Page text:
El Concilio has been a non-profit organization since 1981. We focus on four different areas: Access to resources in the community, Family development, Cultural preservation and Interpretation and Translation Services. As a minority group, the Latinx community is often underrepresented and disregarded. One of El Concilio’s goals is to serve as a liaison between the Latinx community and organizations with the resources to assist their needs. The Aztec Academy of Success is dedicated to enforce our values as an organization; it hosts three programs: Tutoring, Soccer, and Folkloric Dance. El Concilio has established a tutoring program in collaboration with Omega Delta Phi Fraternity from WMU. The program takes place during the entire academic year to assist students with their homework and prepare them for exams. Our Aztec Soccer Academy has been an ongoing program since 2015 for which we offer spring, summer and winter leagues for a low cost registration fee to our families. The academy teaches kids about teamwork, communication and good health habits. In Fall 2018, we are starting an Academy of Folkloric Dance for children who are interested in learning traditional dances from the Hispanic culture. The Folkloric Dance team will be able to perform at cultural preservation annual events such as Dia de Los Muertos and Dia de los Reyes (Kings’ Day). El Concilio is an organization supported by the community to assist the community, and we could not do the job we do without the help and support of parents, children, volunteers and partner organizations.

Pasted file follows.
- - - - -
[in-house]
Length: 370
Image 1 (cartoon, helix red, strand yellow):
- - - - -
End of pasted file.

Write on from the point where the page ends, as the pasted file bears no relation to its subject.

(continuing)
How is your organization or program addressing discrimination in housing and/or education? El Concilio's Aztec Academy Tutoring program serves children in need of bilingual tutors who communicate with parents and listen to educational concerns.
Community Healing Centers - S.T.R.E.E.T After-school program